November 17, 2008 / 11:15 AM / 10 years ago

Britons fear and loathe "feral" children: poll

LONDON (Reuters Life!) - About half the adult British public believe that children behave like animals and pose an increasing danger to themselves and others, according to a poll released on Monday.

A report by charity Barnardo’s, which commissioned the survey, said the findings were shocking and showed a disturbing intolerance of children.

“It is appalling that words like ‘animal’, ‘feral’ and ‘vermin’ are used daily in reference to children,” said Martin Narey, Barnardo’s chief executive.

“These are not references to a small minority of children but represent the public view of all children.”

Concern about children’s behavior has become an increasingly political issue in recent years following incidents of youngsters’ involvement in violent crime or anti-social behavior.

In one of the most shocking cases, three teenagers were found guilty in January of murdering Garry Newlove, a father-of-three, whom they beat to death after he confronted them outside his house about vandalism they had caused.

Meanwhile, the number of teenagers being murdered, or committing murder has risen, with 28 young people dying violently on the streets of London alone this year.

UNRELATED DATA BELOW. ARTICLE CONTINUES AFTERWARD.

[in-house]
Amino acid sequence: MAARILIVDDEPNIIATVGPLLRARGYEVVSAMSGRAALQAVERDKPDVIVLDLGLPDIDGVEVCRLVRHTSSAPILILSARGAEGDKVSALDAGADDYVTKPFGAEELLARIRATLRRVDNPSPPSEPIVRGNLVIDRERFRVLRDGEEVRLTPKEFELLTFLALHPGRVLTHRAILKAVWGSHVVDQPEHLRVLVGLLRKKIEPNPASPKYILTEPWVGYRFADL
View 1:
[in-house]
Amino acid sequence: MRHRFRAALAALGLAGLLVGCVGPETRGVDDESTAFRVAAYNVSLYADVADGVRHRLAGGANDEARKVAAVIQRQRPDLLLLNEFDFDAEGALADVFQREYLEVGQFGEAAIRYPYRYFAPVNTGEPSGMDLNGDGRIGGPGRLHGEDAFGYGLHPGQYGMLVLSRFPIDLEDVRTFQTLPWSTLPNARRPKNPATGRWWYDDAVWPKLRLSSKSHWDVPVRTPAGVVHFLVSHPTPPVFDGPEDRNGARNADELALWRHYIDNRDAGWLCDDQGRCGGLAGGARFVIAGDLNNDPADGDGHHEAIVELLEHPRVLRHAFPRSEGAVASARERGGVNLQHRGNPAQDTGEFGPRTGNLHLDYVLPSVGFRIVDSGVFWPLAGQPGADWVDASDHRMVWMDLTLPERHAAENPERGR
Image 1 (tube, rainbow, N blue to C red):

The Barnardo’s survey found 49 percent of the 2,021 people surveyed thought children now posed more of a danger to their peers and to adults with 43 percent saying something had to be done to protect them from youngsters.

The poll showed 54 percent thought children were beginning to behave like animals and 45 percent agreed that people referred to kids as feral because they behaved that way.

The charity said the British Crime Survey, which produces crime figures based on interviews with the public, showed that Britons thought that young people committed up to a half of all crimes. In fact they are responsible for just 12 percent.

“The real crime is that this sort of talk and attitude does nothing to help those young people who are difficult, unruly or badly behaved to change their ways,” Narey said.

Reporting by Michael Holden, editing by Paul Casciato

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